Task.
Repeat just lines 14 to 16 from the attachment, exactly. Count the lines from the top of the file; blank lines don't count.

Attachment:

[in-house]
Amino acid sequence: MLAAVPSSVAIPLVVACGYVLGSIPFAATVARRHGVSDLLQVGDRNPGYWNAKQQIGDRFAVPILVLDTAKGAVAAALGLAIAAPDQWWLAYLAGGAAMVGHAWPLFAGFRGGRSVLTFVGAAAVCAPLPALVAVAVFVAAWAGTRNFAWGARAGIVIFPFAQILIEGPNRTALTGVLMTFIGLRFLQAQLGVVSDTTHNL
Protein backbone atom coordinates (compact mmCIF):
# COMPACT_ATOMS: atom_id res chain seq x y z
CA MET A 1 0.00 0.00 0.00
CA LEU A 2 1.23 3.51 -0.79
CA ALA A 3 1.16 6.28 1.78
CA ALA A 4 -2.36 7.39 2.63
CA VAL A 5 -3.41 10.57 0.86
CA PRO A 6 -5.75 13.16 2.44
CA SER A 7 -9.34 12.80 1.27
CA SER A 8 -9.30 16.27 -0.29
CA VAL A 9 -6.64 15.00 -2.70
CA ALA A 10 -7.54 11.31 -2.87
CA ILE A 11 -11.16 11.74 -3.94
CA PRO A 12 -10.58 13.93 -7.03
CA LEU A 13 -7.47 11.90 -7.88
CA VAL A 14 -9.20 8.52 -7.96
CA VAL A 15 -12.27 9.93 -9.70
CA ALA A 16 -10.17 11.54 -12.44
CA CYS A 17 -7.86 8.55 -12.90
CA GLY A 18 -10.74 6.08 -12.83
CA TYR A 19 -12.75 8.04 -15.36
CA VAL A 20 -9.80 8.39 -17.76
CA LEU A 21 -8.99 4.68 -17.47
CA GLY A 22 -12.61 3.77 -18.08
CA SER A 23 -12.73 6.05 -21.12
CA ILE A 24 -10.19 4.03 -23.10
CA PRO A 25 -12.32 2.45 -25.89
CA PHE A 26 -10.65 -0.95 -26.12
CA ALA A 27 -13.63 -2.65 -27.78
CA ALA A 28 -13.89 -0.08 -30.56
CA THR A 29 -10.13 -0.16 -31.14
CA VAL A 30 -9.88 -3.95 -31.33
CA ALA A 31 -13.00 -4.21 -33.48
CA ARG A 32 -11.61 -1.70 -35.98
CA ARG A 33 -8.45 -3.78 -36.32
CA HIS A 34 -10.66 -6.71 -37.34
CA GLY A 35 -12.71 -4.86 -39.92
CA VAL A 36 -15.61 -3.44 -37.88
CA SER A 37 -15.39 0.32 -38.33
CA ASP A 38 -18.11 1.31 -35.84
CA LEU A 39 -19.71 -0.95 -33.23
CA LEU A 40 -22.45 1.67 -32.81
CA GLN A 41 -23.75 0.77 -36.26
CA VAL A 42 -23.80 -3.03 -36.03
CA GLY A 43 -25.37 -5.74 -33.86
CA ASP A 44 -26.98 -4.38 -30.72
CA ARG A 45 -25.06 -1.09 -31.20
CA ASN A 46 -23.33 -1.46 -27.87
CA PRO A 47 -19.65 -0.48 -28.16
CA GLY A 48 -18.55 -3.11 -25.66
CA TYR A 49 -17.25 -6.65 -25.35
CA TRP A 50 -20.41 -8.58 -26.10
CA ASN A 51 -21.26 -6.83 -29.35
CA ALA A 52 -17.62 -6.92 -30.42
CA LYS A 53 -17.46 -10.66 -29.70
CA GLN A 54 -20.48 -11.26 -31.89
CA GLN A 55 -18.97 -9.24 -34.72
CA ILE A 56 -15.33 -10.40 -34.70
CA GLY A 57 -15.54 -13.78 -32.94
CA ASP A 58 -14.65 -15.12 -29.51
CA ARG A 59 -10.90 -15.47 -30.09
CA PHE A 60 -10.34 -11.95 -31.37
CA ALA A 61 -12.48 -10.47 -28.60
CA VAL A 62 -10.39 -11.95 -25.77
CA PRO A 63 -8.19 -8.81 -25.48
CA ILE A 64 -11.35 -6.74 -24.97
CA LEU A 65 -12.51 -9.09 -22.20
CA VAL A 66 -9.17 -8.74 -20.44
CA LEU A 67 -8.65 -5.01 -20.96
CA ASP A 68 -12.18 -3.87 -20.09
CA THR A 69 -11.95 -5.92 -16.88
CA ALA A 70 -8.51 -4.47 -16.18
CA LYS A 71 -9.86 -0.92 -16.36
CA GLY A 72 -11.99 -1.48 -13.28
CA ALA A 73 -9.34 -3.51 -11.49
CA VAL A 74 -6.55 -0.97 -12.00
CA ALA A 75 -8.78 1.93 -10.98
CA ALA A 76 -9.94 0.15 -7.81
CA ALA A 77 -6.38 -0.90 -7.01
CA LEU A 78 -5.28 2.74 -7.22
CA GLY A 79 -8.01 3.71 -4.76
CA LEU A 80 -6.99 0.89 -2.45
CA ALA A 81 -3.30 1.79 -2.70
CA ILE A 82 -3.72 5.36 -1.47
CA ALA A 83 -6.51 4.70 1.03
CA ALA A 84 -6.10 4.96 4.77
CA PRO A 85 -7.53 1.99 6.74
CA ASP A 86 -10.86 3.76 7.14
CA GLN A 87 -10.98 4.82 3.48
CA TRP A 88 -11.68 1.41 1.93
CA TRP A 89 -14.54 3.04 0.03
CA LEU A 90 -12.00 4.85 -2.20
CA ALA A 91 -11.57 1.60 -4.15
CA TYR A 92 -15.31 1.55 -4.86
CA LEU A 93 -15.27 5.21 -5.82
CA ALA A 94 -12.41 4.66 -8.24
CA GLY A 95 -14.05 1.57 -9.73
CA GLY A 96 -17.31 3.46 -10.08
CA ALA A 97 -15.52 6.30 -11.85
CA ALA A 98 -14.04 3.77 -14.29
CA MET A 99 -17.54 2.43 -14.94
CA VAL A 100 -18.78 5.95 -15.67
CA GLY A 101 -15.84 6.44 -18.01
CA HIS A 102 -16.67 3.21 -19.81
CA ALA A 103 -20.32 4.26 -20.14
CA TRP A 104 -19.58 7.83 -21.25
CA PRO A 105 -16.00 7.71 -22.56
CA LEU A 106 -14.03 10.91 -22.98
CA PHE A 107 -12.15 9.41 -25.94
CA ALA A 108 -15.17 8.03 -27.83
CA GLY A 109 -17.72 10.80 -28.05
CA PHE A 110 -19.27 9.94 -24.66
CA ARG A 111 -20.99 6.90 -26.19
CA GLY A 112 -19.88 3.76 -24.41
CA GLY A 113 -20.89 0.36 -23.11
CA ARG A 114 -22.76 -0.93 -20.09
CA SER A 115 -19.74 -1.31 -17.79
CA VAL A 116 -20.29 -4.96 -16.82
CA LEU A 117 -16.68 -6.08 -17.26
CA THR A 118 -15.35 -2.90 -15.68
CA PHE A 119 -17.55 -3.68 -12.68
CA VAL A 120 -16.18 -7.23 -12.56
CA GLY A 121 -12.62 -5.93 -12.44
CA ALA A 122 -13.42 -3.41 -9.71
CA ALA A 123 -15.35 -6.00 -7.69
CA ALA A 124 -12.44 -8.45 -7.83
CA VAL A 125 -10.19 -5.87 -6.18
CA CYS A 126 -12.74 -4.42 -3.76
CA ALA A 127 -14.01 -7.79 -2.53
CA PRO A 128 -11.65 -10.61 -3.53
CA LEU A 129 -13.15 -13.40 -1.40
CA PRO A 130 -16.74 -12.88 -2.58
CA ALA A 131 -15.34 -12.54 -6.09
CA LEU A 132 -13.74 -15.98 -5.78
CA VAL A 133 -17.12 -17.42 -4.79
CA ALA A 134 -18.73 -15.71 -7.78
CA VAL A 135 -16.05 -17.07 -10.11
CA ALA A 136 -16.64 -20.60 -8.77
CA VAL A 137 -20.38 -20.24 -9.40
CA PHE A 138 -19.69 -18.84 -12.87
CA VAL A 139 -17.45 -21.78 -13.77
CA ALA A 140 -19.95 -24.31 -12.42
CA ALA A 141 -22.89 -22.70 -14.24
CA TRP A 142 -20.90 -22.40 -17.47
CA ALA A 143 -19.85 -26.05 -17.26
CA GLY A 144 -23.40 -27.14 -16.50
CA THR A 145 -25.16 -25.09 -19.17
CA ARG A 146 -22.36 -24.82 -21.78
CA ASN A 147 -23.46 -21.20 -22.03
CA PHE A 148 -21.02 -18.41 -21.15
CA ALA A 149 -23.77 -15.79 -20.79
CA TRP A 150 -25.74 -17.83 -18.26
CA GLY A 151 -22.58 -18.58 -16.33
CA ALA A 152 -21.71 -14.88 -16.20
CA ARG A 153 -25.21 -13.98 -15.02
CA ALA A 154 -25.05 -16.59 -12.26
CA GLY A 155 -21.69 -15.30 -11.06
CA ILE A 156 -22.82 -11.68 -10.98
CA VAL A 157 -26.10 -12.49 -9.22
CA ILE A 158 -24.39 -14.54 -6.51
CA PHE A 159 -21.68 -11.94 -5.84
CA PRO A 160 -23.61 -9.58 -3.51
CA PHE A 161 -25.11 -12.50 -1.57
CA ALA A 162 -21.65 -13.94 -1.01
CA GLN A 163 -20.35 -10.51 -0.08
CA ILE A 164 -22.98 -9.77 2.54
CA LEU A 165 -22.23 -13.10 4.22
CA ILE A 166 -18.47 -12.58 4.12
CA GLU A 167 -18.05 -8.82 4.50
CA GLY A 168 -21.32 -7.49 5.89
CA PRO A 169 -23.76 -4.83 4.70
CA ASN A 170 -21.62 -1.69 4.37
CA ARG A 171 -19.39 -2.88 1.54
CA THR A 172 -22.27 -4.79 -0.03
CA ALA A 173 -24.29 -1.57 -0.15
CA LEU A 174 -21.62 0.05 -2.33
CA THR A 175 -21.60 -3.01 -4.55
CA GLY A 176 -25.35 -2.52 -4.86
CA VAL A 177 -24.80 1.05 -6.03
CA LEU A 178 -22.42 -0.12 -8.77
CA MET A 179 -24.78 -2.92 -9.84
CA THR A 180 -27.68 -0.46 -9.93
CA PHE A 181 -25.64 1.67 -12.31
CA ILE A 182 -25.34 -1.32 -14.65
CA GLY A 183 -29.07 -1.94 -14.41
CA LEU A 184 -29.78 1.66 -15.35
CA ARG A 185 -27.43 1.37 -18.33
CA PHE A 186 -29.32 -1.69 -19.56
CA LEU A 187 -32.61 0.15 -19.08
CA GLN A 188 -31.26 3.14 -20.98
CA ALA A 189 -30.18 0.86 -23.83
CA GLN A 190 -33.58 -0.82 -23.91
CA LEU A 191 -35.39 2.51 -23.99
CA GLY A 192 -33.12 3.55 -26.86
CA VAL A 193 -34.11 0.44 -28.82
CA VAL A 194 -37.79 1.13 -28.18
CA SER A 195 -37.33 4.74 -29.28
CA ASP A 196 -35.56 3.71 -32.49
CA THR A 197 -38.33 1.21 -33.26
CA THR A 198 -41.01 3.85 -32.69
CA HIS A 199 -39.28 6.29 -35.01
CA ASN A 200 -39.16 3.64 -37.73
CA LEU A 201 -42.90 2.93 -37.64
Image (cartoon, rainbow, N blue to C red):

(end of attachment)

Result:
CA ALA A 10 -7.54 11.31 -2.87
CA ILE A 11 -11.16 11.74 -3.94
CA PRO A 12 -10.58 13.93 -7.03